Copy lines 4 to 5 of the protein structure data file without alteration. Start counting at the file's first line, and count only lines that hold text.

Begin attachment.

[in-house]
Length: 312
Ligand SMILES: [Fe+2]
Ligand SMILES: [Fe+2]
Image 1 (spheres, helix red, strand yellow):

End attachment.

Ligand SMILES: [Fe+2]
Image 1 (spheres, helix red, strand yellow):